LOS ANGELES (CN) – In a step toward fulfilling the renewable energy goals of the city and county of Los Angeles, LA Mayor Eric Garcetti said Tuesday the city will abandon plans to spend billions of dollars to rebuild three existing coastal power plants.
Garcetti told reporters at Los Angeles Department of Water and Power headquarters Tuesday that phasing out the Scattergood, Haynes, and Harbor natural gas plants will help improve air quality, cut carbon emissions and reach the city’s goal of sourcing 100 percent renewable energy by 2050.
The power plants – which together produce 38 percent of the city’s current natural gas energy – were slated to undergo a more than $3 billion revamp to make them more efficient and environmentally friendly. Now they will be phased out by 2029.
“This is the beginning of the end of natural gas in Los Angeles,” Garcetti said. “The climate crisis demands that we move more quickly to end dependence on fossil fuel, and that’s what today is all about.”
Mel Levine, the Department of Water and Power board president, agreed the city’s aging energy transmission system needs to be reconfigured away from fossil fuels.
"Climate change demands our vigilance and bold action," Levine said Tuesday.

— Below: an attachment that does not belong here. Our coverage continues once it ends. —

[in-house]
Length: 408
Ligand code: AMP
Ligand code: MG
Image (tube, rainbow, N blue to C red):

Garcetti’s decision comes months after California lawmakers approved Senate Bill 100, ambitious legislation that sets a statewide goal of sourcing 100 percent sustainable energy by 2045.
To limit global warming to a 1.5-degree Celsius – the threshold scientists believe the climate can withstand and Earth can recover from – carbon emissions must return to 2010 levels and then drop another 45 percent by 2030, according to the Fourth National Climate Assessment Report.
Democrats in the U.S. House of Representatives, meanwhile, have backed the Green New Deal launched by Rep. Alexandria Ocasio-Cortez, D-N.Y., and Sen. Ed Markey, D-Mass. The plan would guarantee green jobs, health care, housing and a living wage while pushing for net-zero greenhouse gas emissions.
Under the plan announced Tuesday, the LA Department of Water and Power will allocate funds to explore renewable energy alternatives, including by upgrading energy transmission and distribution systems, using microgrid technologies, and utilizing new battery technology.
Former New York City mayor Michael Bloomberg, who is also a United Nations special envoy for climate action, said in a statement that LA’s decision is a critical step in having cities shift away from fossil fuels.
“We need to accelerate the transition to clean energy, and LA’s commitment to helping to lead the way is an important sign of progress,” Bloomberg said.
Alexandra Nagy with the nonprofit Food and Water Watch also applauded LA’s move away from natural gas.
“Mayor Garcetti is showing the rest of the country what a Green New Deal can mean for our communities. We are hopeful that this is a first step to swiftly transition LA off fossil fuels and move the city to 100 percent renewable energy by 2030,” Nagy said in a statement. “Mayor Garcetti has listened to us and decided that Los Angeles can do better. It’s time to clean up our air, prioritize health communities and green jobs, and usher in a clean energy revolution.”
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